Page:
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To Indent or Not to Indent Paragraphs

Updated October 2022

Chelsea, a reader of my monthly e-newsletter, Better Writing at Work, asked me to write about indenting paragraphs in business letters. She wrote, “When writing letters, what is the ‘proper’ protocol on indenting?”

There are several proper ways to format a traditional business letter. Only one of them indents paragraphs, and it is not popular these days. I have described three ways below.

Modern and sleek: the full-block style.

These days most business letters follow the full-block style, with nothing indented. In this style, everything (the date, inside address, salutation, body, close, and signature block) begins at the left margin. The only content that might be indented in the full-block style is bullet points or long quotes. Both of those would be indented as a block, though, not just the first line, like this:

This is an example of a paragraph that is block indented. The whole paragraph is indented, not just the first line.

Most businesses use the full-block style because it is easy to type–no indenting! Also, it looks modern and sleek on the page.

An example of the full-block style

Less modern and sleek: the modified-block style.

Paragraphs are not indented in the modified-block style. However, the date, closing, and signature block are indented–to begin at the center of the line. It requires the business writer or typist to create a template with the correct indention of the date, closing, and signature block. Some organizations use this style, which looks neat but not sleek.

An example of the the modified-block style

Fussy and dated looking: the modified-block style with indented paragraphs.

The only style with indented paragraphs is known as “the modified-block style with indented paragraphs.” In it, the date, closing, and signature block begin at the center, as in the modified-block style. However, each paragraph is indented a half-inch (1.27 cm). This is the fussiest looking letter, with no sleek lines. It is not popular these days but was common decades ago.

An example of the modified-block style with indented paragraphs

If your organization wants to come across as up to date and elegant, choose the full-block style. If you want to appear up to date yet a bit traditional, consider the modified-block style. If you want to appear traditional and old-fashioned, the modified-block style with indented paragraphs might work, but remember that it doesn’t look elegant.

Some letterhead is already very left-heavy. If your company’s letter is designed with a very strong left line, you might want to use the modified-block style for a more balanced look. Check with your communications department.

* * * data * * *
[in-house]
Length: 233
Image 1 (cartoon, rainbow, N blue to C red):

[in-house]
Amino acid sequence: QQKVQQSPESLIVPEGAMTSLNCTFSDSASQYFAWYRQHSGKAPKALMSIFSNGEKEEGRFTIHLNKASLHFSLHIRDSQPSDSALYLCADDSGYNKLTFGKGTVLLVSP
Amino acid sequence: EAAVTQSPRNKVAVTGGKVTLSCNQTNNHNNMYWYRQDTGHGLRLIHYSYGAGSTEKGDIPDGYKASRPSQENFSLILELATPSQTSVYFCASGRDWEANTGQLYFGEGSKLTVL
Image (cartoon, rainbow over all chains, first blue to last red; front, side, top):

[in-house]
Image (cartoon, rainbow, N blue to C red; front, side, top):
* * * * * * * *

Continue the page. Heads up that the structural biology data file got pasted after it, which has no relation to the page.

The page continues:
Before anyone asks, the answer is no–paragraphs are NOT indented in email. On the screen, people focus on the left margin, so it makes no sense to indent paragraphs in email.

Chelsea, I hope this post answers your question. To indent or not to indent paragraphs? It’s up to you.

Lynn

Posted by Lynn Gaertner Johnson
By Lynn Gaertner-Johnston

Lynn Gaertner-Johnston has helped thousands of employees and managers improve their business writing skills and confidence through her company, Syntax Training. In her corporate training career of more than 20 years, she has worked with executives, engineers, scientists, sales staff, and many other professionals, helping them get their messages across with clarity and tact.

A gifted teacher, Lynn has led writing classes at more than 100 companies and organizations such as MasterCard, Microsoft, Boeing, Nintendo, REI, AARP, Ledcor, and Kaiser Permanente. Near her home in Seattle, Washington, she has taught managerial communications in the MBA programs of the University of Washington and UW Bothell. She has created a communications course, Business Writing That Builds Relationships, and provides the curriculum at no cost to college instructors.

A recognized expert in business writing etiquette, Lynn has been quoted in "The Wall Street Journal," "The Atlantic," "Vanity Fair," and other media.

Lynn sharpened her business writing skills at the University of Notre Dame, where she earned a master's degree in communication, and at Bradley University, with a bachelor's degree in English. She grew up in suburban Chicago, Illinois.

3 comments on “To Indent or Not to Indent Paragraphs”

  • Hi Lynn!

    Thank you very much for replying to my question. I am always learning so much from you and I really appreciate it!

    Chelsea

  • You’re welcome! Thanks for letting me know you read the post.

    Lynn

  • There are many styles of writing and one completely differ from the other and different organizations follow different styles. Before starting to write, one should learn the style of that particular firm.

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